The Deep Blue Good-By Cover
We are a group of MIT students seeking to share the artistic aspects of science with others. On Sept. 2, 2009, we launched a digital camera into near-space to take photographs of the earth from high up above. (see “Flight”)
Several groups have accomplished similar feats (see “Other Launches”), but as far we know, we are the first group ever to:
(1) Complete such a launch on a budget of $150 total. All of our supplies (including camera, GPS tracking, weather balloon, and helium) were purchased for less than a grand total of $150.
FIVE years ago, Londoner Ashley Revell sold his house, all his possessions and cashed in his life savings. It raised £76,840. He flew to Las Vegas, headed to the roulette table and put it all on red.
The wheel was spun. The crowd held its breath as the ball slowed, bounced four or five times, and finally settled on number seven. Red seven.
Revell's bet was a straight gamble: double or nothing. But when Edward Thorp, a mathematics student at the Massachussetts Institute of Technology, went to the same casino some 40 years previously, he knew pretty well where the ball was going to land. He walked away with a profit, took it to the racecourse, the basketball court and the stock market, and became a multimillionaire. He wasn't on a lucky streak, he was using his knowledge of mathematics to understand, and beat, the odds.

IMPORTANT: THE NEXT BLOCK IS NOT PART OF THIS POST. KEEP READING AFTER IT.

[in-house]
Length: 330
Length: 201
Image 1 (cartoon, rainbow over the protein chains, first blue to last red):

No one can predict the future, but the powers of probability can help. Armed with this knowledge, a high-school mathematics education and £50, I headed off to find out how Thorp, and others like him, have used mathematics to beat the system. Just how much money could probability make me?
When Thorp stood at the roulette wheel in the summer of 1961 there was no need for nerves - he was armed with the first "wearable" computer, one that could predict the outcome of the spin. Once the ball was in play, Thorp fed the computer information about the speed and position of the ball and the wheel using a microswitch inside his shoe. "It would make a forecast about a probable result, and I'd bet on neighbouring numbers," he says.